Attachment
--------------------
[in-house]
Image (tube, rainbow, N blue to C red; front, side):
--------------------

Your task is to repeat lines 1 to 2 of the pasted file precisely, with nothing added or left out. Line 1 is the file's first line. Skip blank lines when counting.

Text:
[in-house]
Image (tube, rainbow, N blue to C red; front, side):